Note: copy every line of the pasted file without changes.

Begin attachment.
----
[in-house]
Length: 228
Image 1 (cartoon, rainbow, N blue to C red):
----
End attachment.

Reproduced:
[in-house]
Length: 228
Image 1 (cartoon, rainbow, N blue to C red):